There are sometimes questions about "traits" in the Eldar army and how they might be applied. One rumor I've heard that really intrigues me is about Exarchs who confer whatever powers they have onto the squad itself. For instance, a Striking Scorpion Exarch could give his entire squad Crushing Blow; a Dark Reaper Exarch could lend his unit Fast Shot; a Howling Banshee exarch could confer Acrobatics. This would be an interesting and very "Eldary" way to lend traits to Elite units, and because traits are a direction GW really seems to be going in, I think it makes a fair amount of sense. Naturally, a lot of the Exarch powers would have to be tweaked in order to make them appropriate for an entire unit (would anyone want to see 17-point Fire Dragons, who already have a S6/AP1 weapon, with Burning Fist - a trait which gives them a Power Weapon and lets them re-roll "to wound" results?). I believe that doing this would open up the Eldar army to greater flexibility and specialization. It's a more complex task for the Eldar than it is, say, for Marines, because the Eldar are already very specialized; where having a basic Tac Marine lean one way or the other with his skillset is utterly practical, having Fire Dragons become masters of close combat would upset the purpose of Aspects on a fundamental level. Again, this is why I think that the Exarch powers would have to be re-written to make this a viable concept... but I really like the idea.
When it comes to basic troop choices, Guardians need special attention from GW in the next codex because they are the very backbone of the Eldar army concept. Though many argue that Aspect Warriors play that role, I believe this is a misconception which has arisen from the fact that Guardians are (as it currently stands) very hard to use effectively in-game. As a result, most players prefer to leverage their Elites as Troops when they can (either in the Force Org slot or merely in function alone), because they go toe-to-toe much more effectively against the Marine-equivilent forces which make up the bulk of enemies one faces in a typical game.
"Fixing" the Guardians brings up the issue of stat-lines, which I believe are a crummy way to design an army. If you only look at the math of the unit then much of the poetry drains out of the army and, instead, you're playing Sudoku. My feeling is that stat lines should be tweaked in updates and FAQs after the army is released, but when you're conceptualizing a force you must first ask yourself "Who is this unit made up of and what are they intended to do?" Guardians are militia; not hardened soldiers in the way that Space Marines or Tau are, and their performance on the battlefield should reflect this. On the other hand, they are not always unfamiliar with the ways of war; some are retired Aspect Warriors and are not unfamiliar with the experience of combat. Though many Guardians are borrowed from ranks of gardeners and poets, I like to think that the Eldar see a relationship between the way of the warrior and the way of the artist (if you've seen the movie Hero, then you've see how calligraphy and swordplay are intertwined, and how one discipline can sharpen someone's skills at the other). I like to think of Guardians as a militia of non-warriors coming to defend their civilization for lack of resources among Aspect Warriors... but I don't regard them in the same way I think of checkout clerks and janitors; I believe that Guardians have an understanding of the mystical reality of war that lends them a certain degree of power on the battlefield. These are the concepts that I'd like to see guide the stats of the Guardian: Fragile, but not cannon fodder; imperfect, but not inept; minor-league warriors, but not mere conscripts.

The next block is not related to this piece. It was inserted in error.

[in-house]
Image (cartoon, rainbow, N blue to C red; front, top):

A quick nod to the question about why a dying race should field common citizens in a battle when they're trying, in fact, to preserve their numbers: I've addressed this point on my blog before, but if you're still having trouble with it, imagine The Two Towers when the denizens of Rohan were arriving at Helm's Deep. Would you have suggested to King Theoden that he not employ the service of all the common citizens that he could to defend the stronghold, arguing that their numbers were too small to call upon common folk in wartime? Anyone who has seen the movie a bazillion times like I have will know that if the common citizen of Rohan had not defended the line that all of the citizens and warriors alike would have been overrun. It's a lot like that with the Eldar.
Getting back to the codex in general, I believe that its fundamental job is to make an army which centers around the basic "one HQ and two troops" a viable option. I believe this is the measuring stick of any codex and, if it's not possible to enter into a balanced combat with that sort of a Force Org Chart then the codex isn't doing its job.
It's true that an itemized list of what's wrong with the current codex is easy to assemble and I don't think anyone would question that Starcannons are too pervasive, that Wraithlords are too tough for the points and that Guardians (Defenders in particular) are hard to get any magic out of. Instead, however, of mere stat line updates, points adjustments and other minutiae, the vision of the Eldar army itself should be revisited. I think that's where the answers are and, what's more, I believe that's the way that this army is going to be fun for dorks like me who get a kick out of pretending to be space elves.